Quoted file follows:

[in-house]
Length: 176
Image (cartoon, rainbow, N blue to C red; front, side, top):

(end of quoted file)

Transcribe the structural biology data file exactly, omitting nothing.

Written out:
[in-house]
Length: 176
Image (cartoon, rainbow, N blue to C red; front, side, top):